Movie Trailer for The Giver:
Meryl Streep, Jeff Bridges, star in this award winning, classic, dystopian fiction.
Never a Dull Moment for Teens @ Central Library!
Stay tuned to our Calendar of Events for teen events such as Teen Night, Manga Club, and “Spark a Reaction” Teen Summer Reading fun in July & August.
Teens & Parents: Want reminders for TEEN-only Central (Steele) Library events in your email or your cell phone? Teen Librarian Doris Jean uses “Remind 101”; Your cell phone number will remain private. You will receive reminder messages about teen library events from librarian Doris Jean. You can choose to unsubscribe at any time. Here’s how to sign up for text OR email reminders: For TEXT reminders: text the message @teenevent to the number (607)281-6812; for EMAIL reminders: send a blank email to “email@example.com”.
Doris Jean Metzger, MLIS
Teen Services, Central Library, CCLD
Which is better…the book or the movie? April 13, 2011Posted by CCLD in Steele.
Tags: adaptation, book, movie
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Recently we created a display, at the Steele Memorial Library, of books that were subsequently made into movies. Many examples come to mind, including older titles such as “The Maltese Falcon” by Dashiell Hammett (1930) and the film version of the same title which starred Humphrey Bogart and Mary Astor (1941). Additionally, there are many contemporary titles such as the memoir “Eat, Pray, Love: One Woman’s Search for Everything Across Italy, India and Indonesia” by Elizabeth Gilbert (2006), adapted to the screen starring Julia Roberts (2010).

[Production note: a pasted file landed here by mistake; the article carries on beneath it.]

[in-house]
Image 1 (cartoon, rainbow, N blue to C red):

In the process of making lists and gathering books and DVDs for this display, we became involved in that age old debate “which is better the book or the movie?” The popular consensus seems to be that the book is usually better than the movie. What I’m hearing from this discussion is that the reading process enables the reader to appreciate the written words and engages their imagination. Greater depth may be created within the written story and the characters can be envisioned with much more detail.
I think everyone has to agree that sometimes a great book can become an even greater movie. The first title that comes to mind is “Gone With the Wind” by Margaret Mitchell published in 1936. The movie of 1939, featuring Clark Gable and Vivien Leigh, became a timeless classic. There is also “The Lord of the Rings” by J. R. R. Tolkien, a wonderful fantasy story written between 1937 and 1949, and published in 1954. These books are the subject of various film versions, but the one that stands out, directed by Peter Jackson, was produced in three parts: “The Fellowship of the Ring (2001),” “The Two Towers (2002),” and “The Return of the King (2003).” These films definitely bring the story and its intricate fantasy world to life!
Another part of this debate is stories that were better on the big screen than they were in print. “The Godfather” by Mario Puzo (1969), was made into the film version in 1972, directed by Francis Coppola starring Marlon Brando and Al Pacino. This film won many awards, including an Academy Award for Best Picture. This film brought the book and its author greater popularity.
Meanwhile, the debate continues. What are your thoughts, which do you think is better the book or the movie?
Connie Ogilvie, Librarian
Steele Memorial Library